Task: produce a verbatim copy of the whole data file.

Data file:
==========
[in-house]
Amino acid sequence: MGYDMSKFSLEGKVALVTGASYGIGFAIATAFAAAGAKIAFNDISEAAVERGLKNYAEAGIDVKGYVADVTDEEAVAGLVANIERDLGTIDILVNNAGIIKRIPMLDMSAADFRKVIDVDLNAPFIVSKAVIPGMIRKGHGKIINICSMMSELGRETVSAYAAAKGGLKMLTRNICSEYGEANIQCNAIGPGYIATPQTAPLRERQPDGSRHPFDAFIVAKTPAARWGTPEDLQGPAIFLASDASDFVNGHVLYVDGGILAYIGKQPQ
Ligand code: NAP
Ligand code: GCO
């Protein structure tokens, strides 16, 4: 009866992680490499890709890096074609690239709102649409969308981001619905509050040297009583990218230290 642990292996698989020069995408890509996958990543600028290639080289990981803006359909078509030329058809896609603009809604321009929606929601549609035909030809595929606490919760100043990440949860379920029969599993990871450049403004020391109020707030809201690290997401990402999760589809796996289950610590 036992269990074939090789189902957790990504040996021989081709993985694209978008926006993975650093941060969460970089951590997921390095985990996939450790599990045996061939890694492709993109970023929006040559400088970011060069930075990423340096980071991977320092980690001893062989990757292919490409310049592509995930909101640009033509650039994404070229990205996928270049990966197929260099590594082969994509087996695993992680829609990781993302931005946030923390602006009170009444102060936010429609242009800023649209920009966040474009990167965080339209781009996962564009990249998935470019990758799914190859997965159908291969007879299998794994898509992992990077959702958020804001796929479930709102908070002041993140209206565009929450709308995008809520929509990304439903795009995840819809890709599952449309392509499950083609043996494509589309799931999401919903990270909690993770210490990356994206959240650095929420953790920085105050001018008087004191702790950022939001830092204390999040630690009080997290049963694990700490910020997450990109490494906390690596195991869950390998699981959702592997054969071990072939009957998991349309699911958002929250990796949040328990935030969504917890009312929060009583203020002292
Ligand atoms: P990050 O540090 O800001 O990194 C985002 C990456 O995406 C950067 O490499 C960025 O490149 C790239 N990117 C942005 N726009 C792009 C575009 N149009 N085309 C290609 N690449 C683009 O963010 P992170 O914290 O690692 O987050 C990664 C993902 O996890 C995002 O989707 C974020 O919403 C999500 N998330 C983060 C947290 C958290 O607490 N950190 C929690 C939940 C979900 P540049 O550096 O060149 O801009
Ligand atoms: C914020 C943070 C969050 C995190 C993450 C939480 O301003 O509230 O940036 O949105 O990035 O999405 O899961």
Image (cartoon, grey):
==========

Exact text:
[in-house]
Amino acid sequence: MGYDMSKFSLEGKVALVTGASYGIGFAIATAFAAAGAKIAFNDISEAAVERGLKNYAEAGIDVKGYVADVTDEEAVAGLVANIERDLGTIDILVNNAGIIKRIPMLDMSAADFRKVIDVDLNAPFIVSKAVIPGMIRKGHGKIINICSMMSELGRETVSAYAAAKGGLKMLTRNICSEYGEANIQCNAIGPGYIATPQTAPLRERQPDGSRHPFDAFIVAKTPAARWGTPEDLQGPAIFLASDASDFVNGHVLYVDGGILAYIGKQPQ
Ligand code: NAP
Ligand code: GCO
């Protein structure tokens, strides 16, 4: 009866992680490499890709890096074609690239709102649409969308981001619905509050040297009583990218230290 642990292996698989020069995408890509996958990543600028290639080289990981803006359909078509030329058809896609603009809604321009929606929601549609035909030809595929606490919760100043990440949860379920029969599993990871450049403004020391109020707030809201690290997401990402999760589809796996289950610590 036992269990074939090789189902957790990504040996021989081709993985694209978008926006993975650093941060969460970089951590997921390095985990996939450790599990045996061939890694492709993109970023929006040559400088970011060069930075990423340096980071991977320092980690001893062989990757292919490409310049592509995930909101640009033509650039994404070229990205996928270049990966197929260099590594082969994509087996695993992680829609990781993302931005946030923390602006009170009444102060936010429609242009800023649209920009966040474009990167965080339209781009996962564009990249998935470019990758799914190859997965159908291969007879299998794994898509992992990077959702958020804001796929479930709102908070002041993140209206565009929450709308995008809520929509990304439903795009995840819809890709599952449309392509499950083609043996494509589309799931999401919903990270909690993770210490990356994206959240650095929420953790920085105050001018008087004191702790950022939001830092204390999040630690009080997290049963694990700490910020997450990109490494906390690596195991869950390998699981959702592997054969071990072939009957998991349309699911958002929250990796949040328990935030969504917890009312929060009583203020002292
Ligand atoms: P990050 O540090 O800001 O990194 C985002 C990456 O995406 C950067 O490499 C960025 O490149 C790239 N990117 C942005 N726009 C792009 C575009 N149009 N085309 C290609 N690449 C683009 O963010 P992170 O914290 O690692 O987050 C990664 C993902 O996890 C995002 O989707 C974020 O919403 C999500 N998330 C983060 C947290 C958290 O607490 N950190 C929690 C939940 C979900 P540049 O550096 O060149 O801009
Ligand atoms: C914020 C943070 C969050 C995190 C993450 C939480 O301003 O509230 O940036 O949105 O990035 O999405 O899961």
Image (cartoon, grey):